I didn't really think that much about putting this in but I agree with your comments and I sympathize with them. Anyway, they'll be in the archive and when I do "Notes on Crooked Cucumber" I'll include them there.
Thanks for your comments. Judith and I lived at Green Gulch in the fall of 1973 and spring of 1974. In the fall of 1974 we lived in Berkeley and I was in graduate school at San Francisco State for one year. In the summer of 1975 we moved away from the Bay Area.
You would never have seen me, as I did not sit or attend services. I worked and went to church in Berkeley. We lived at Green Gulch because Judith wanted to. I don't remember you there either. You should remember Judith however. But when did Katagiri visit? That would establish a date.
I worked a couple of hours today on the discussion of spirits. It is very difficult. Maybe tomorrow I can finish it and send it to you.
Mon, 15 Aug 2005
I talked with Judith today on the telephone -- she is visiting her mother in the Bay Area. She remembers when Kelly was born at Green Gulch. Her memory is much better than mine for events years ago.
Wed, 17 Aug 2005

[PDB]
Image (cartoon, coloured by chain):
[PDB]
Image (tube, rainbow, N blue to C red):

Subject: spirits, good and evil, at ZC and in church
My friend who builds computers has built me one, and I will be transferring files and setting it up starting Thursday. I may be away from e-mail for a couple of days, until the e-dust settles. I am trying today to put together what I have written over the last couple of days, and send it. It is organized into sections, to make it easier for you, although I find I ramble.
Let me know if my discussion of spirits is interesting. I have enjoyed writing it, and I hope that it makes sense when you read it. I actually do not know if it is the sort of thing you are looking for, but you may like reading it anyway.
Spirits at Zen Center
My impression is that the students at Zen Center did not take the existence of spirits literally. I know that my own view at Zen Center in those days was conventional Western materialism with some Buddhist window dressing, and I do not think I was unusual. I thought science explained the physical world, and that experience was a by-product of matter and energy, and was individual and subjective. I understood everything Suzuki talked about, big mind, beginner's mind, non-dualistic mind -- everything -- in this materialistic framework. It is not the philosophical framework of ancient Buddhism. It is not the ancient Christian world view either.